Republicans in the Gang of Eight are also looking to Sens. Susan Collins and Lisa Murkowski for support, since both have sided with the Democratic majority in the past and also have business interests in their states—-tech interests in Maine and fisheries in Alaska—that are pushing for them to support the Senate bill. Collins is also a cosponsor of a bill to give same-sex couples equal access to immigrant visas.

But to get the Senate bill to the massive 70-vote win they say they need, supporters are working with a block of roughly a dozen Republicans, including Marco Rubio, who voted to debate the immigration bill Tuesday, but say they need significant changes to the border-security measures in the bill to support it in the end. On Wednesday, Rubio offered four additional amendments to deal with everything from requiring immigrants to pay back taxes to limiting their access to “Obamacare” subsidies.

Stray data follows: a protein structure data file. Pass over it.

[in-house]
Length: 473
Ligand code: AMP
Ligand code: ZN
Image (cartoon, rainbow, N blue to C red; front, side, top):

Sen. John Cornyn has drafted a border security amendment to require 100 percent surveillance of the southern border and other major changes to border security before undocumented immigrants could receive legal status. Majority Leader Harry Reid called Cornyn’s amendment a “poison pill,” but Cornyn said he is having “ongoing conversations” with the Gang of Eight to include some version of his amendment in a final package.

“I think if they had 60 votes to pass the bill out of the Senate, they probably wouldn’t be talking to me,” Cornyn said Tuesday. “But they are, which tells me they view this as a way to get the kind of support out of the Senate in a bipartisan basis that would get it some momentum and increase the likelihood of it passing in the House.”

In the end, reform advocates believe a large block of Republicans could support the Senate bill and get it to 70 votes, if only to ensure their own political survival. Senator Graham called not having an immigration bill a potential “death blow” for Republicans in the future.

“From a political point of view, if this bill fails because the Republican Party doesn’t seem to have been practical, doesn’t seem to have been willing to admit that 11 million people are here and they’re not going to self-deport, we’ll pay a heavy price in 2016,” he said. “It will be almost impossible.”